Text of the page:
What does it mean to pray for a nation recovering from disaster, even when it is no longer in front of our faces in the news? A SIM Stories writer traveled to Nepal in March 2016 to report on the post-earthquake rebuilding, and found a nation that needed prayer more than anything else.

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Posted
AuthorDenise Poon
CategoriesMain Page, Asia

This video recaps the horror of the initial earthquakes that have left Nepal so damaged and explores some of the stories of preservation and heartache that people in Dhading, one of the hardest hit regions, experienced in the days and months that followed.

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“We have to work and eat, all the land has been destroyed. There’s nothing left in the village. If we want to stay, where would we stay? If we want to go, where would we go? We have to stay with despair.”

One year after the most devastating earthquake in a hundred years, people are still suffering in Nepal. The waves of relief from around the world saved many lives in the aftermath of the quake but the process of rebuilding is a slow and painful one. Read about the work of SIM through partner UMN to help people in one of the worst affected areas reclaim their lives from disaster.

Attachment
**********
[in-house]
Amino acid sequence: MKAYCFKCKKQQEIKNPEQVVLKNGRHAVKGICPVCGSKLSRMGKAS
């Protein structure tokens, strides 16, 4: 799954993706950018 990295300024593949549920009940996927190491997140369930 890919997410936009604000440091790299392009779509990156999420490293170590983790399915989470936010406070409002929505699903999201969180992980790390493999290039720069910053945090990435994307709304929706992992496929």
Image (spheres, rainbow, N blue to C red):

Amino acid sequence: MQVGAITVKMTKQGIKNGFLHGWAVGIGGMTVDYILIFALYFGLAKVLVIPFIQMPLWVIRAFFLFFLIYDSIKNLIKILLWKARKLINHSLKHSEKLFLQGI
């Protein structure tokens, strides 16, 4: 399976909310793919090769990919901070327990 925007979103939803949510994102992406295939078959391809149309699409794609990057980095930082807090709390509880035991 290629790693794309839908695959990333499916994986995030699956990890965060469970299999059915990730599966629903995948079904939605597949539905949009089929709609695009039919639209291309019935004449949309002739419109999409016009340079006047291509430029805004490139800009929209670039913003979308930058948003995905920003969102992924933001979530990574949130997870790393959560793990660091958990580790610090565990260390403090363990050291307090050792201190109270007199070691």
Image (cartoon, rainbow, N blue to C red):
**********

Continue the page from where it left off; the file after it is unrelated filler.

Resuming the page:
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In the year since Nepal was hit by its worst earthquake in decades, much of the nation remains at a standstill. Many buildings partially maimed or entirely razed to the ground remain in ruins. Thousands of people still live under flimsy tarpaulin-covered shelters. Families still mourn irreplaceable loss. In rural villages, some Nepalis shoulder the heavy burden of rebuilding and move towards the future.

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One year after a 7.8 magnitude earthquake struck Nepal, causing massive loss of life, widespread homelessness and billions of dollars in damage, the nation continues to heal and rebuild. In Dhading, one of the districts most devastated by the quake, SIM and partner organization United Mission to Nepal (UMN) carry on with reconstruction work.

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